A list of various instances of "The hour" opens Jesme's book, and the repeated phrase running down the left margin of the page even looks incantatory. Anaphora governs most of this poem, from "The hour of my brother's birth" to "The hour into which was poured—." Only a few lines depart significantly from this pattern,"The reeled-up hour," "The convex hour," and "The stone hour," which signals the repeated three-line clause "The hour I was silenced" near the end.As an introduction to a long poem (-sequence) the parts of which are often spare, often determined as much by the silence of white space as by the noise of text, this abundant poem is rightly set off from the rest of the poem(s). It is also rightly full of the things of this world that the rest of the book both forfeits and memorializes.

This spiritual memoir-in-verse is built on breathy sections of first- person meditation juxtaposed with diary entries and passages from religious autobiography, books of institutional order, and descriptive narration. Each part, tracing the speaker's journey away from secular life into a secluded sacred community of women, builds on small sound devices and rhetorical principles: list, repetition, antithesis, alliteration, conceit:

I had exchanged the qualities of land

the lake and trees for this flat prairie

that seemed—


nothing to catch the sound of the wind

every sunset visible


had exchanged the qualities of family:

my parents who made

these women who remake me

had exchanged desire for deprivation

didn't count the loss

or the love

Such a poetic journey seems fraught with the twin dangers of incomprehensibility and cliché, but Motherhouse elegantly avoids both by returning to the body, to the past, to the world again and again, even as that grounding is itself revealed as a perilous and difficult task."9/26 Tuesday. Feast of Sts Cyprian & Justina,Virgin Martyrs" begins "Slipping out is easy—it's coming back / into the body that requires the effort . . . ," but quotidian, concrete vehicles continue to point to the divine tenor of this book's metaphors. The meditative body becomes "like a bat" that can "split what's left of light."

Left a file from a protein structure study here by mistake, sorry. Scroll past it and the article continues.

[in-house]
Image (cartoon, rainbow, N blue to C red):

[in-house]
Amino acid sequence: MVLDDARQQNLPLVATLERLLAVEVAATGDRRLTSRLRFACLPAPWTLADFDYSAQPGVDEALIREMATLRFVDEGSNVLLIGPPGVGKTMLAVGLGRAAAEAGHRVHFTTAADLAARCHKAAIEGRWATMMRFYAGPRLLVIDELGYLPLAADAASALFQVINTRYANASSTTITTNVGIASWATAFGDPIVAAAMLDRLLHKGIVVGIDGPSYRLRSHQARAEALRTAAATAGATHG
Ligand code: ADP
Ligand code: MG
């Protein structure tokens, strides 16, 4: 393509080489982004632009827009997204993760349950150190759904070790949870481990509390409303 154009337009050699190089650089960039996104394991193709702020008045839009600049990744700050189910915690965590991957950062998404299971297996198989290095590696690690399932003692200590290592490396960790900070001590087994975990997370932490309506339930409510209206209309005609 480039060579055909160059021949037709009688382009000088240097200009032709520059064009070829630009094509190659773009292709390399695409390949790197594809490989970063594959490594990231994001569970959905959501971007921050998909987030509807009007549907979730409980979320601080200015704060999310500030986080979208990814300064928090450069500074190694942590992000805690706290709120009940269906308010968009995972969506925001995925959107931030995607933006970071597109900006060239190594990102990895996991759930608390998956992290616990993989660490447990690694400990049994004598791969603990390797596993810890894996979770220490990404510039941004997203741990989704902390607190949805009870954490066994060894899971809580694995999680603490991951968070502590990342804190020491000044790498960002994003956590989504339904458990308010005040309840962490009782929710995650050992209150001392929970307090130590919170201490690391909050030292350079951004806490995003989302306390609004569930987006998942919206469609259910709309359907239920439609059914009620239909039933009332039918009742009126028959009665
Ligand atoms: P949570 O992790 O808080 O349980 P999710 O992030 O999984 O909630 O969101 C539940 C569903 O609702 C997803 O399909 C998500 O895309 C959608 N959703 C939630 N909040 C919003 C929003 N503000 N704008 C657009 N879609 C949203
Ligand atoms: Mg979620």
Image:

The images that thread their way through these poems illuminate the book with vision, a love of creation that cannot quite divorce the body from the soul. For a writer, the tools—the physical, material means of construction—that record her experience of the divine are precious, but the desire to record it may be a sign of her failure—"The fountain pen: if Mother knew / how much it is loved / she would ask for / its sacrifice." Ownership, in the convent, is always suspect, as one passage from "The Holy Rule" reminds all the "sisters," who "when speaking of things for their use, shall not employ terms indicating personal ownership.Thus, they shall say our habit, our veil, our book."

As ownership, especially of written words, dissolves, so does the author-ity of the poet, or so logic might conclude. The logic of the secular world, however, unravels into paradox as childhood memories, and the family members left behind, reenter the present world as ghosts of meaning:"I walk / in deep snow along the Rainy River / my mother takes my hand"; "My father always ate / the entire apple—core, seeds, all: / I tried it once / because everything he did // looked pleasurable"; "behind our curtained windows // my brother starts high school, my sister considers / a bottle of aspirin // the Vietnam war creeps in everywhere." The poem belongs as much to the family as to the poet, as they people her imagination and prefigure the connections between and among members of the holy community. Family anecdotes speak to the quotations from religious authorities; the texts shape and frame domestic memory.Winding around them is the self-silencing voice of this narrator-"I am not to speak / . . . / Nor am I still silent."